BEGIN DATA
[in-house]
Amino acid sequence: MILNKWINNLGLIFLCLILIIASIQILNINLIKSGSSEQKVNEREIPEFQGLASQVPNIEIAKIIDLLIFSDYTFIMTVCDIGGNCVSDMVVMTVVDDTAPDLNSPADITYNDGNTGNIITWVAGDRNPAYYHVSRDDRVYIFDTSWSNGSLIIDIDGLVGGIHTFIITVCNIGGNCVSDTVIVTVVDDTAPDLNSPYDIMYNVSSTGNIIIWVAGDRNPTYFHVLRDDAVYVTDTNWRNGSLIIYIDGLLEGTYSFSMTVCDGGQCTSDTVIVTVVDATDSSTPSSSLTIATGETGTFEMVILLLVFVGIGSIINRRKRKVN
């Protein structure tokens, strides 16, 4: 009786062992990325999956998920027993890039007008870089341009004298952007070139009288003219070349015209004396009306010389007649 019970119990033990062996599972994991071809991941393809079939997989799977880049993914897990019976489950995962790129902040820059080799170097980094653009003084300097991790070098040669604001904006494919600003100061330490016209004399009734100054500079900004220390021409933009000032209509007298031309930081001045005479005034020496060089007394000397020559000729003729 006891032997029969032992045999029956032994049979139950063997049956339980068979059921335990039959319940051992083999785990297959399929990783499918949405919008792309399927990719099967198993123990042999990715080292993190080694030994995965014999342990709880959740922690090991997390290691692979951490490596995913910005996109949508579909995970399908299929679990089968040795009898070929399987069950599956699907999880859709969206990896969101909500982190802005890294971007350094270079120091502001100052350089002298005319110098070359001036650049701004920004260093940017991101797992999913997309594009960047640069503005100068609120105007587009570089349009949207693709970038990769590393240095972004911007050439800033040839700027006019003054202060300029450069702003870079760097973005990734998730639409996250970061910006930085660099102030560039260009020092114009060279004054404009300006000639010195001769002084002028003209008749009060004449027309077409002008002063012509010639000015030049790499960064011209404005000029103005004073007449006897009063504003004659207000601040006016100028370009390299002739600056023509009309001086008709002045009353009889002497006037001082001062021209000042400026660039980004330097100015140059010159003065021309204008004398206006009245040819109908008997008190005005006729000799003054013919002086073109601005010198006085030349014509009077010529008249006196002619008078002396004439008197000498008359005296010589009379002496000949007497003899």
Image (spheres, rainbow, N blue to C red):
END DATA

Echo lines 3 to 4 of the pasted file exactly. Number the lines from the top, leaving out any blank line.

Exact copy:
């Protein structure tokens, strides 16, 4: 009786062992990325999956998920027993890039007008870089341009004298952007070139009288003219070349015209004396009306010389007649 019970119990033990062996599972994991071809991941393809079939997989799977880049993914897990019976489950995962790129902040820059080799170097980094653009003084300097991790070098040669604001904006494919600003100061330490016209004399009734100054500079900004220390021409933009000032209509007298031309930081001045005479005034020496060089007394000397020559000729003729 006891032997029969032992045999029956032994049979139950063997049956339980068979059921335990039959319940051992083999785990297959399929990783499918949405919008792309399927990719099967198993123990042999990715080292993190080694030994995965014999342990709880959740922690090991997390290691692979951490490596995913910005996109949508579909995970399908299929679990089968040795009898070929399987069950599956699907999880859709969206990896969101909500982190802005890294971007350094270079120091502001100052350089002298005319110098070359001036650049701004920004260093940017991101797992999913997309594009960047640069503005100068609120105007587009570089349009949207693709970038990769590393240095972004911007050439800033040839700027006019003054202060300029450069702003870079760097973005990734998730639409996250970061910006930085660099102030560039260009020092114009060279004054404009300006000639010195001769002084002028003209008749009060004449027309077409002008002063012509010639000015030049790499960064011209404005000029103005004073007449006897009063504003004659207000601040006016100028370009390299002739600056023509009309001086008709002045009353009889002497006037001082001062021209000042400026660039980004330097100015140059010159003065021309204008004398206006009245040819109908008997008190005005006729000799003054013919002086073109601005010198006085030349014509009077010529008249006196002619008078002396004439008197000498008359005296010589009379002496000949007497003899």
Image (spheres, rainbow, N blue to C red):